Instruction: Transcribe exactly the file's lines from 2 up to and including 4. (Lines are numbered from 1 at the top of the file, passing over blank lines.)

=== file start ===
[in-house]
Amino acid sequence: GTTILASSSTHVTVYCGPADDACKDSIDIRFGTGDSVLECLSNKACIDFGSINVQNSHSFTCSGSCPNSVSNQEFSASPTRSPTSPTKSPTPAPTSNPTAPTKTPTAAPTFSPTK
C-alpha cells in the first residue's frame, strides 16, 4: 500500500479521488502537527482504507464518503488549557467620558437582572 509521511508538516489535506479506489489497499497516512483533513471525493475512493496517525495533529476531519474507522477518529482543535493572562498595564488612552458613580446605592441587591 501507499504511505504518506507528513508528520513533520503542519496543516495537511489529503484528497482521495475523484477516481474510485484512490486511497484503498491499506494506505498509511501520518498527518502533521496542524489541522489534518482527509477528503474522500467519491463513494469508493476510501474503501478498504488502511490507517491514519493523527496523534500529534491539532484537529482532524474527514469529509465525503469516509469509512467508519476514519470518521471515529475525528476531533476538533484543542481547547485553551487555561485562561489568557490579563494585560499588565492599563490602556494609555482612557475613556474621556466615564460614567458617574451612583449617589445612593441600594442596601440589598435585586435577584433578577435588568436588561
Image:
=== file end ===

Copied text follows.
Amino acid sequence: GTTILASSSTHVTVYCGPADDACKDSIDIRFGTGDSVLECLSNKACIDFGSINVQNSHSFTCSGSCPNSVSNQEFSASPTRSPTSPTKSPTPAPTSNPTAPTKTPTAAPTFSPTK
C-alpha cells in the first residue's frame, strides 16, 4: 500500500479521488502537527482504507464518503488549557467620558437582572 509521511508538516489535506479506489489497499497516512483533513471525493475512493496517525495533529476531519474507522477518529482543535493572562498595564488612552458613580446605592441587591 501507499504511505504518506507528513508528520513533520503542519496543516495537511489529503484528497482521495475523484477516481474510485484512490486511497484503498491499506494506505498509511501520518498527518502533521496542524489541522489534518482527509477528503474522500467519491463513494469508493476510501474503501478498504488502511490507517491514519493523527496523534500529534491539532484537529482532524474527514469529509465525503469516509469509512467508519476514519470518521471515529475525528476531533476538533484543542481547547485553551487555561485562561489568557490579563494585560499588565492599563490602556494609555482612557475613556474621556466615564460614567458617574451612583449617589445612593441600594442596601440589598435585586435577584433578577435588568436588561
Image: